Khem jumped in the ring with me one day, brushing aside whomever it was I had expected to hold pads for me, and went to town making me hit harder and faster with every strike he called for.  When the round was over and I was catching my breath he would express how I needed to not back up, that it wasn’t actually protecting me, to just move forward and be strong.  I nodded; I knew exactly what he meant and I wanted to be what he he was saying I should be.

khem and den

Photo: Den and Khem

About a month later Khem was in a terrible motorcycle accident on his way back from Lamphun, an area south of Chaing Mai where the Thai boys often have fights.  Khem was in the hospital, in a coma.  There was a heaviness at the gym that was felt even before I heard what had happened.  The trainers and Pom (who owns the gym and “raised” Khem through his teen years) organized themselves to go visit him even before he regained consciousness.  The doctors weren’t confident that he’d be able to walk again due to the severe damage to Khem’s back.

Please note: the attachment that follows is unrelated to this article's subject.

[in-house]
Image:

Khem began training and fighting for Lanna when he was about 15 years old.  He was one of the first, an original at the camp, even before Nong Toom who is perhaps the most famous alum of the gym.  His family is from Pai, which is not too far outside of Chiang Mai and is frequented by backpackers and hippies looking for a relaxed vibe in the countryside.  But it’s a heavily agrarian area, a place where you can still see where the northern part of Thailand got it’s name Lanna which means literally “a million rice fields.”  Khem’s family works the fields and that’s what Khem would have grown into as well, but he was sent to Chiang Mai by his parents to learn Muay Thai and help support the family that way, which he accomplished.  He became Northern Thailand Champion at 135 lbs and went on to win titles in western-style boxing as well.  He grew up at the camp, becoming like a son to Andy and Pom and a brother to Den and the other young Thai fighters of that time.